# Any body explanation why ...

Greenhorn
Posts: 6
does the following program return 10 as output. In C or C++, the same code returns 11.

i = i++ ;
System.out.println("output i: " + i);

Does any body explain what's going on here?

Keith Lynn
Ranch Hand
Posts: 2409
I assume that i is initially 10. The right-hand side is a post-increment, so its value as an expression is the value of i before the increment. So i is incremented by 1, but set back to 10.

marc weber
Sheriff
Posts: 11343
I'll just add a little bit of detail to what Keith said (again assuming that i is 10).

i = i++; is a simple assignment, so first the "left-hand operand is evaluated to produce a variable." In this case, i. (See JLS - 15.26.1.)

Next, the right hand-hand operand is evaluated. With a postfix operator, the term i++ evaluates to 10, after which i is incremented to 11. (See JLS - 15.14.2.)

Finally, because the right-hand operand evaluated to 10, the value 10 is stored into the varaible i.

Ranch Hand
Posts: 245
Code

does nothing (at least in siglethreaded program). In both Java and C.

Shaliey Gowtham
Ranch Hand
Posts: 104
Please have a look at assembly level
intially i = 10;
i = i++ can be split as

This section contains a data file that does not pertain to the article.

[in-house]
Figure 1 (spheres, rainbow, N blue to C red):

load i on stack; \\top = 10
increment the variable locally for i++; \\ i = 11
now store the value on top of stack into i; \\ i = 10;
So the final result is i = 10;
For i++ instruction the value is not brought to the stack,but
incremented at the location through inc 1

But if i = i + 1, then
load i on stack; \\ top = 10
add one to top of stack; \\top = 11 (10+1)
store the value on top of stack into i; \\ i = 11

Hope you are clear

ashok ch
Greenhorn
Posts: 11

Ulf Dittmer
Rancher
Posts: 42968
73
Hello "ashok"-

Welcome to JavaRanch.

On your way in you may have missed that JavaRanch has a policy on display names, and yours does not comply with it - please adjust it accordingly, which you can do right here. Thanks for your prompt attention to this matter.

dai jiansong
Greenhorn
Posts: 7
what a good example!